The health benefits of Indian Gooseberry, also known as Amla, can be partially attributed to its high vitamin-C content. Amla enhances food absorption, balances stomach acid, fortifies the liver, nourishes the brain and mental functioning, supports the heart, strengthens the lungs, regulates elimination of free radicals, enhances fertility, helps the urinary system, increases skin health, promotes healthier hair, acts as a body coolant, flushes out toxins, increases vitality, strengthens eyes, improves muscle tone and, acts as an antioxidant.

I served this pulao with pumpkin spinach gravy (link)


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Are you hungry?


Have you ever thought about the difference between hunger and appetite? You might think they are one in the same, however they are not. Hunger, quite simply put, is the need for food. Appetite is a desire for food.

If we did not listen to the demands of mood and had no external stimuli to suggest we were hungry, our brain would let us know when to eat. Thanks to marketing strategies, suggestions are around every corner. Marketing works. We see advertisements on TV, in magazines, on bill boards, buses, taxis, you name it, it is out there. How many times have you ordered something to eat because of the smell, sight, or a description of the pleasure you will experience?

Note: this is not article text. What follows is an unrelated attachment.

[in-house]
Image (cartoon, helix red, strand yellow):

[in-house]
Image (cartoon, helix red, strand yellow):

Melting, gooey cheese, slowly dripping from a hand tossed, authentic pizza. Or how about a fresh cinnamon roll,  hot steam escaping the first piece as it is pulled away. Maybe it is the visibly fresh char marks in the final glaze of a sweet, tangy and mildly spiced piece of meat that is cooked to perfection over an open, smokey flame. This is appetite.